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Why are glycans so important ? Glycans, also known as carbohydrates, saccharides or sugars, cover all living cells from humans to virus going through plants or bacteria, among others. These features make glycans the first contact point in any host-guest interaction, spanning from symbiotic to pathogenic relationships. In humans and animals, they are found on cells surfaces constituting the so-called glycocalyx, an enriched coating composed of a dense and complex array of glycans that plays an essential role in host protection against pathogens. Nevertheless, in other species such as prokaryotes, plants or fungi, glycoconjugates comprise the cell wall. Thus, glycans can play diverse roles, including critical functions as cell signalling, molecular recognition, immunity and inflammation. Besides, they are also responsible for energy storage and cellular support.

Glycans structure Together with lipids, proteins and nucleic acids, glycans constitute one of the main classes of biomolecules pivotal for living organisms. However, carbohydrates hold structural diversity and information content, potentially several higher than any other biological macromolecule orders. Glycans are indeed complex structures of multiple monosaccharides linked through glycosidic bonds. Monosaccharides are the simplest and most basic carbohydrate unit. The starting building blocks of larger structures are denoted as oligosaccharides if composed of up to 9 or 10 units or polysaccharides if larger. The general chemical formula of monosaccharide is (CH2O)n being the n value the one that allows first classifications of the monosaccharides into pentoses (n=5), hexoses (n=6) and heptoses (n=7), among others. Another distinctive trait for the classification permits the differentiation between the sugars containing an aldehyde group, aldoses, ketone, ketoses.(1)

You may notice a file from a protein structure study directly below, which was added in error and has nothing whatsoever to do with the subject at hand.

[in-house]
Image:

Oligo- and poly-saccharides are the result of a condensation polymerisation reaction between these basic monosaccharides. The fact that monosaccharides can be linked together in many different sites and also with different spatial orientations confers glycans a high information content and complexity. It contrasts with the simple ways that building blocks of proteins and nucleic acids—so the amino acids and nucleotides, respectively—are linked together. Protein and nucleic acid biopolymers are linear, and every building block is linked to the next through the same kind of connection.(2) Depending on the forming sugars, polysaccharides can be divided into homopolysaccharides and heteropolysaccharides. As the names indicate, a single monosaccharide type unit comprises homopolysaccharides, while heteropolysaccharides are those constituted by two or more different monomers. (3)

Interestingly, the sugar variety present in eukaryotic glycoproteins or bacteria is completely different. Unlike mammals, where glycans are assembled from a small group of common monosaccharides, the number of bacterial monosaccharides is unknown and potentially endless. In detail, the monosaccharides commonly found in eukaryotic glycans and glycoconjugates include approximately ten sugars : hexoses, amino-hexoses, deoxy-hexoses, pentoses and the well-known family of the sialic acids. However, there are more than one hundred known monosaccharide constituents in bacteria : including peculiar monosaccharides such as hexuronic acids, heptoses, octulosonic acids, branched monosaccharides and monosaccharides with noncarbohydrate substituents inter alia.

Figure 1 depicts the 1D, 2D and 3D descriptors of some of the bacterial monosaccharides.

d-AAT 2-acetamido-4-amino-2,4,6-trideoxy-d-galactose

Acofriose α-L

Acofriose β-D

Bradyrhizose β-D







Heptose - deoxy